Still, this is a good outing by Warner Bros. animation studio and it’s definitely in the upper echelon of animated Batman flicks.

Rating: 8/10
Pairs well with: other DC animated films, primarily those featuring Batman.

TV Review: Longmire (2012-2017)

Original Run: June 3rd, 2012 – November 17th, 2017
Created by: John Coveny, Hunt Baldwin
Directed by: various
Written by: various
Based on: Walt Longmire Mysteries by Craig Johnson
Music by: David Shephard
Cast: Robert Taylor, Katee Sackhoff, Lou Diamond Phillips, Bailey Chase, Cassidy Freeman, Adam Bartley, Louanne Stephens, Zahn McClarnon, A Martinez, Gerald McRaney, Peter Weller, Tom Wopat, Charles S. Dutton, Graham Greene

Warner Horizon Television, The Shephard/Robin Company, Two Boomerangs Productions, A&E, Netflix, 63 Episodes, 42-72 Minutes (per episode)

Review:

*written in 2015.

Longmire was a highly successful show. For some reason, A&E cancelled it after its third season. Netflix then picked it up and continued it with season four and the upcoming season five. And maybe there will be more after that. I hope so anyway.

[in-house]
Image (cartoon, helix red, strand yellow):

The show is a modern western, which there can never be enough of, as far as I’m concerned. It follows Sheriff Walt Longmire, just after the death of his wife. It deals with his handling of the loss, balanced with his job of being the sheriff of a small town in Wyoming near the Montana border and a Cheyenne Indian reservation. It touches on the politics of tribal life, small town western American life and crime.

Robert Taylor plays Sheriff Longmire and it is the greatest role he has ever had. He is accented by Katee Sackhoff, Cassidy Freeman, Bailey Chase, Adam Bartley and Louanne Stephens. The actor who really nails it though is Lou Diamond Phillips as the Cheyenne best friend of Longmire. Phillips has never been better and he’s an actor I have always liked and hoped he would find his niche outside of poorly executed straight-to-video action films.